Book Thoughts by Rachelle
I love getting book recommendations from others and then finding a treasure in a book that I might not have otherwise read. The Book Thief by Marcus Zusak is one such treasure. This book was so amazing that I’m ordering myself a copy from Amazon. It’s one of those that I want on my shelf to refer back to and read again. Zusak has a talent for describing things and showing emotion that I’ve never seen before. When I began reading the book, I wondered a bit if it would hold my attention–after all the narrator is death–how weird is that? But my goodness, as I continued to turn the pages I found gem after priceless gem of intricate storytelling from Zusak in a way that made each and every scene come alive.
Everything about this book is different. The point of view, the descriptive metaphors, even the names of the chapters make you stop and think about what the author is trying to tell you.
I enjoy reading about the history of World War II and since this is the time period of the book, perhaps that is another reason I was so drawn into the story. It’s a thick book, so don’t be scared about the length. Once you allow yourself to experience the magic of “The Book Thief” you’ll be forever changed. This book has humor, action, danger, strung-out emotions–all the things I love in a story but is written as a type of literature that is fantastic.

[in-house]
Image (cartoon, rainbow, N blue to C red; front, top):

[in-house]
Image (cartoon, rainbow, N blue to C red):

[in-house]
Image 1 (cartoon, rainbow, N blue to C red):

If you’ve read The Book Thief, I’d love to hear what you thought. Have you read any of Zusak’s other books? If so, what did you think? I haven’t heard too much about the others but am certainly going to put them on my “to read” list.
Here’s more about the book:
It is 1939. Nazi Germany. The country is holding its breath. Death has never been busier, and will be busier still.
By her brother’s graveside, Liesel’s life is changed when she picks up a single object, partially hidden in the snow. It is The Gravedigger’s Handbook, left behind there by accident, and it is her first act of book thievery. So begins a love affair with books and words, as Liesel, with the help of her accordian-playing foster father, learns to read. Soon she is stealing books from Nazi book-burnings, the mayor’s wife’s library, wherever there are books to be found.
But these are dangerous times. When Liesel’s foster family hides a Jew in their basement, Liesel’s world is both opened up, and closed down.
In superbly crafted writing that burns with intensity, award-winning author Markus Zusak has given us one of the most enduring stories of our time.
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